Month: December 2014


“Alma” is a fantastic animated short that was making the rounds in CI circles last year. It’s perfect for this time of year because of the weather and winter clothing vocabulary. I borrowed several ideas from around the web as I built my lesson plans around the video.

First, I pre-taught some vocabulary. “arriba del estante” and “escribió en la pared” are easy enough to TPR, and then I used PQA to circle the word “muñeca.”

Then, I used a shortened version of the embedded reading from Nina Barber, changed to the past tense since that is what my students have been using all semester, to do a Pictado. Students listened as I told the story and drew pictures of what they heard. I got a lot of repetitions from simply saying the story multiple times, then I circled some questions about it to make sure they understood. Then they used their pictures to practice saying the story back to a partner.

The next day, we reviewed the story by talking about a student’s Pictado drawings. I wrote the essential vocabulary on the board as we went, then added the words “gorra,” “guantes,” and “chaleco.” It happened to be a hat day in my school, so we talked about the different hats people were wearing. Then I copy-pasted version 2 of the embedded reading into IMTranslator, using their TTS Voice service to read the story in Spanish. Students listened to the Spanish and translated it aloud into English. (I love IMTranslator when I want to give my kids a break from hearing my voice!) Then I used the photo collage on Cynthia Hitz’s site as an informal listening assessment, with students holding up their fingers to indicate the number of the photo I was talking about.

FINALLY it was time to watch the film. The first time through, I paused it at different times to talk about what they were seeing in Spanish. I really liked how pre-teaching with the readings helped them understand the final film. I stopped right before she touches the doll and asked for predictions. Then we got to watch the whole thing through without pausing. After discussing the ending, I had them do a timed writing assignment about the story. (If students finished early, I challenged them to continue the story on their own.)

There are so many other different things to do with this video, I couldn’t try them all. Martina Bex even turned it into a midterm exam!


Or, How To Make Your Math Department Love You.

Numbers are so useful, yet so boring to teach. One thing that I have been using in all my classes throughout this year is a Matedictado, or Math Dictation. I originally got the idea from Ben Slavic’s blog (the source of many great CI ideas!), but have put my own little spin on it.

First, students have to practice the numbers. If they haven’t worked with higher numbers before, I like to drill them using Martina Bex’s Final Countdown Brain Break: I say “uno,” the next person stands up and says “dos,” and we see how high we can get without two people standing up at once or messing up the pattern. We get to do higher numbers if I start with a different number, forcing them to count by threes, fives, tens, or hundreds. Another way to practice numbers are to include them as details in stories. Some teachers use a Sesame Street-style Number of the Week for this purpose.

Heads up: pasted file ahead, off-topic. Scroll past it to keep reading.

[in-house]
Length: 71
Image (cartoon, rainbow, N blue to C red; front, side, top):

For the Matedictado itself, I teach operations vocabulary for plus, minus, or multiplied by, give five or ten problems. Students have to correctly hear and write down the two numbers for the problem, then solve it. Students get to hear the numbers again when they trade papers for grading.

The Girl Who Didn’t Know How to Drive

In order to pre-teach vocabulary for the upcoming Rio Movie-Talk video, I wrote a short script and did a regular story-asking session today. It worked out well, and I think the Movie-Talk will be much richer and more productive when students already know the core vocabulary.

Target Structures in this case are:

No sabía manejar   She didn’t know how to drive

Chocó con   She crashed into/ran into

There was a girl who didn’t know how to drive. One day, she wanted to go to her friend’s house. So, she got in her dad’s truck and tried to drive to her friend’s house. But there was a problem: She didn’t know how to drive. She crashed into a gas station, and the gas station exploded. The girl and the truck both died and went to heaven.

When she arrived in heaven, the girl was an angel. But there was a problem: She didn’t know how to fly. She was a very sad angel. Her dad’s truck was in heaven, too, but it was not an angel. It had turned into a Transformer. The Transformer knew how to fly. It taught the girl how to fly, and she was very happy.